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Hate vs. free speech

As fringe groups continue to carve out niches on the Net, online services are grappling with the issue of free speech.

As extremist groups proliferate in cyberspace, online services are facing unprecedented legal and ethical questions over access to such controversial sites through their networks.

Although no U.S. laws prohibit extremist sites, services are encountering criticism for allowing access to groups ranging from marijuana advocates to citizen militias and neo-Nazis. According to a study by the Simon Wiesenthal Center, racist sites have increased to more than 300 from about 50 at the beginning of last year.

The burgeoning presence of fringe groups has drawn particular scrutiny in recent weeks as the Oklahoma City bombing trial has begun and as the mainstream media continues to indulge its obsession with the online activities of the Heaven's Gate cult.

While we do not believe our role is to restrict access to information, we do want to protect children.
Ed Graczyk, MSN director of show marketing
This month, America Online, the largest online service, has come under strong criticism from the Anti-Defamation League and others for a Web page stored on its servers that promoted the Ku Klux Klan. And just yesterday, CNET NEWS.COM reported that an infamous antigay site had found a host with an ISP that was willing to look the other way: junk emailer Cyber Promotions.

The issue of free speech for extremist groups is a particularly difficult one for online services like AOL. As Internet companies, they are heavily influenced by the wide-open civil libertarian character of cyberspace; at the same time, these services are seeking to refine their images as safe havens for Net-novice families who represent the future of their business markets.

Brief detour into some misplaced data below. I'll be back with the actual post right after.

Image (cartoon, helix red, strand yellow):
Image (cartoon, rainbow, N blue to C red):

"We definitely see this as an industry challenge," said Ed Graczyk, director of show marketing for Microsoft Network. "While we do not believe our role is to restrict access to information--we're big believers in free speech--we do want to protect children."

MSN, like competitors AOL and CompuServe, have membership policies against any form of bigotry in sites maintained on their proprietary networks. However, online services are reluctant to extend those prohibitions beyond their firewalls, saying it is impossible to regulate information throughout the entire Internet.

Moreover, proprietary online services and other companies that provide Net access are under competing pressure from free-speech advocates concerned that any move to limit communication will open a Pandora's box of constitutional issues. At present, they are not obligated to extend First Amendment protections to subscribers as a company in the private sector.

"All of this reminds me of when I was on the law journal staff at Georgetown," said David Post, co-director of the Cyberspace Law Institute at Georgetown University Law Center. "There was a big controversy over suspending shipments of law journals to South Africa. It's something we were entitled to do, but I thought it was stupid. Once you make a decision like that, you're committed to making others. Who needs that? What about Guatemala or Taiwan?"